Thursday, May 30, 2013

When Temptation Comes Knocking

by Tim Howard

Oscar Wilde said: “I can resist anything except temptation.” I can relate! How about you? You’ve got to remember, when it comes knocking on your door you don’t have to open it!
Unfortunately, that’s easier said than done. Closing the door to temptation can be daunting. If you always say ‘yes’ to temptation then you have yet to realize the level of difficulty. Only those who try to resist know how strong it is. 
Too often we think of temptation as being enticed to do big things like stealing, murdering or committing adultery. But most often we're tempted to be impatient, stingy, jealous, greedy or just plain lazy and apathetic.
A recent survey listed ten powerful temptations people face in this culture. Here’s five or them: 
1. The desire to buy more than they can afford.
2. The temptation to put themselves first and live a self-centered life.
3.  The inclination to laziness rather than productivity – to do nothing rather than something.
4. The enticement to procrastinate.
5. The temptation to make pleasure more important than purpose.
According to the dictionary, temptation is the act of enticement with the purpose of causing you to do something wrong or unprofitable by promising something positive. Temptation motivates you to do ‘bad’ by promising something good. The Bible totally agrees with this and affirms the need to say NO when it comes.
Temptation shows up early in the Biblical narrative. Only 3 chapters into the Bible we are told of a couple named Adam and Eve who were tempted to disobey God for the purpose of setting up their own autonomy. Guess what! They yielded to the voice of temptation. When they succumbed others were affected. When you yield – others are impacted as well.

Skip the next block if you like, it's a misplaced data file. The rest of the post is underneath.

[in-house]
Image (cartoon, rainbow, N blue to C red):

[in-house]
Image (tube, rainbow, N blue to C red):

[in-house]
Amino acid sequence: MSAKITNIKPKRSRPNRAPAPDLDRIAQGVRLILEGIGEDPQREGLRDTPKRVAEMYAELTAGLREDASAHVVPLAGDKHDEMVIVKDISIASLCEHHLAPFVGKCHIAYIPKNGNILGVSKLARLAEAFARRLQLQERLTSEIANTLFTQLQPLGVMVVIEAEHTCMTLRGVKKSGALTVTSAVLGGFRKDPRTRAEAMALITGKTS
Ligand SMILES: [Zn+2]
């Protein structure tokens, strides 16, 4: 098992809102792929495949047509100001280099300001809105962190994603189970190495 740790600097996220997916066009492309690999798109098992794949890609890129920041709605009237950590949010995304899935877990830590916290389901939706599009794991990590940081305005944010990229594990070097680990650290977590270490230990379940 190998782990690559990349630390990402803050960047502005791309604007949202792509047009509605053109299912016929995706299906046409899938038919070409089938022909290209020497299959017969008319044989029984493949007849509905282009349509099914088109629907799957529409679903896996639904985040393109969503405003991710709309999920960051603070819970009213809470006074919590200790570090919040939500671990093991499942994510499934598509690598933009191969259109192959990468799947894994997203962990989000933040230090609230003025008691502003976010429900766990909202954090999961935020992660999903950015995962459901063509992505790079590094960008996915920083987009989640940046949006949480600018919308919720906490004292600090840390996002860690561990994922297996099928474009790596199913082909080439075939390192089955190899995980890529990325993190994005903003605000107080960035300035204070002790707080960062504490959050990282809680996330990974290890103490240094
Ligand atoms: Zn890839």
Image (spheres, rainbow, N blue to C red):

When you yield to the temptation of surfing the Internet while you’re being paid to work, the productivity or your company decreases. When you sit on the couch watching sports knowing you should be helping your mate, your relationship suffers. When you’re tempted to lie rather than tell the truth, you hurt others and sacrifice your integrity if you yield.
Here are four things I’ve learned that may help in this ongoing battle with temptation.
1.    You have a better chance of standing strong in the midst of temptation if you have an exit strategy before you experience it. Schools and companies have an escape plan set in place in case of fire. People living in hurricane areas have a calculated strategy for when the winds come. And coaches never go into a contest without a game plan. Ask yourself: How am I going to escape when it happens to me? Get a plan!
2.    It’s critical to identify your weaknesses prior to a moment of enticement since temptation looks for your weak moments. In Luke 4 when Jesus was tempted, we are told that the devil left Him for another ‘opportune’ time. You can strengthen your resolve if you’re aware of your vulnerable points and set up a guard.
3.    People who lose the battle to temptation have often lost sight of the big picture. I did this in reference to cars. My temptation led me to purchase 21 cars in my first 20 years of marriage. Now I can say NO to the new car desire because I see beyond the temptation. I see the payments!
4.    Be willing to fight. (James 4:7) There will always be a battle but if you’re willing to close the door on temptation it will bear great dividends. 

Thursday, May 23, 2013

Today Matters

by Andrew Cromwell

Today matters, but at the same time it doesn’t. It is one of life’s many paradoxes. What you do today eventually results in who you are tomorrow. And, there is no doubt, you can make some excellent choices today that will positively affect your future or you can make some terrible choices that could destroy it. 

Your future is made up of all of the todays between now and then. Just like most overnight successes don’t happen overnight, but as a result of lots of work, failed attempts and determination, tomorrow’s victories happen because of little decisions made every day. 

Put yourself in the shoes of the future you. Perhaps that future you has a college degree, is happily married (emphasis on the happy), has a great job, or a solid relationship with your kids. If you were to pick out any single day between now and that future you, the chances are that day would not be incredibly important. In the vast scheme of things, most days aren’t. 

This is the paradox. 

Any one day, doesn’t usually matter much. But string together a year or two of one days and suddenly you’ve got destiny-changing power. If you procrastinate today, no big deal. But if you procrastinate today, tomorrow, the next day and the next, pretty soon you are staring at another year gone by and you haven’t accomplished anything.